After Emma Watson is pictured with a pink pooch... Is dyeing your dog the most barking craze ever?


Stuart Simons, who runs Groom Dog City, is pictured with his own bright pink bichon-frise Molly, left, and Casper

Tucked away in a fashionably shabby corner of East London, moments from the famous Columbia Road Flower Market, Groom Dog City looks — from the outside — like your average unassuming dog groomer’s.
Anyone opening the glass door is greeted by a chorus of woofs and howls from dogs of all shapes and sizes — from little pugs to a drooling British bulldog.
But look closer and there’s something rather peculiar about a few of those pooches.
As Ralph the poodle spins around, there’s a flash of colour: his tail is bright green.
Casper, a very vocal bichon frise, has a midnight-blue Mohican running down the middle of his head, while fluffy four-year-old Molly, also a bichon, is shocking-pink from head to tail.
Welcome to the newest canine trend to hit the UK: the doggy dye.

Stuart begins to prepare Casper for his Mohican by putting blue dye in his fur where it will stay for ten minutes

Last week Harry Potter actress Emma Watson made headlines when she was spotted leaving this salon with a one-year-old Maltese terrier called Darcy — thought to be her flatmate’s dog — after the pup had been dyed fuchsia.
Not surprisingly, the photos sparked fierce debate among dog lovers, many of whom are highly critical of the practice.
The salon has even had abusive emails, branding it cruel.
Some vets have expressed concerns that even if the dye is completely safe, this process alters the way the dog looks and smells to other animals — and that could affect how they interact.

The little bichon frise is not looking particularly happy about being in a bathtub getting the dye out of his fur

Dr Roger Mugford, a leading animal behaviourist, says: ‘Dogs are intensely visual creatures, and I have no doubt they would be aware of a major colour change, particular green and blue hues which their eyes pick up more.
‘It would likely affect the way other dogs interact with them, too — we know that dogs even interact with other breeds differently due to physical appearance, such as bulldog breeds with their squashed noses.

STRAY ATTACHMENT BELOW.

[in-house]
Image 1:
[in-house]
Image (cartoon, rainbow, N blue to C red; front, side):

‘In my opinion, it is a step too far. We should let dogs just be dogs.’

The dogs face is covered in blue dye but Stuart admits that there is no telling if the colour is going to come out right with blues going green and reds going pink

But there’s no denying the growing trend, so I’ve come to the East End to find out why anyone would part with their hard-earned cash to give their mutt a cut and colour.
Dog dyeing is still quite rare in Britain, with only a few salons offering the service, but surprise, surprise, it is a well-established business in the U.S. and Japan.
In the States it is known as ‘creative grooming’ and has spawned competitions. It’s not unheard of to see pooches dyed in rainbow colours or made to look like tigers, pandas and other exotic animals.
Johnny Depp’s rumoured new girlfriend, actress Amber Heard, has been seen carrying a cerise dip-dyed Yorkie, while the girls from reality show Jersey Shore often sport dogs in girlie pink and purple.
So perhaps it was only a matter of time until it came to this country. After all, we already have salons offering doggy mud baths and nail varnish (Victoria Beckham’s bulldog Coco has been known to have a pink pedi).

Before and After: Casper in his blue Mohican, right, and there is no telling whether he prefers it or not although his owner says he loves the attention he gets when he has had it done

And here at Groom Dog City, owner Stuart Simons, 38 — a former musical theatre actor who retrained as a dog groomer five years ago — has been offering the service since he opened the salon two years ago.
He heard it was happening abroad, so tracked down dog-friendly vegetable-based dyes, which are made in the U.S., on the internet.
They don’t come cheap — Stuart pays £16 a tub, which means his prices for an entire dog start at £50 (but you can get a Mohican for £20).
He says: ‘You can’t use human dyes on dogs. It wouldn’t be safe and can compromise their immune systems.

The results are in: Writer Jenny Stocks poses with a dry Casper in his finished blue Mohican

Emma Watson pictured in Bethnal Green walking maltese terrier Darcy all done up in bright pink at the same salon

Midnight Blue: The special dog coat dye the salon uses

Colourful pooches: Bichon frises Casper (right) and bubblegum hued Molly at Groom Dog City just like Darcy, the dog pictured with Emma Watson

source: dailymail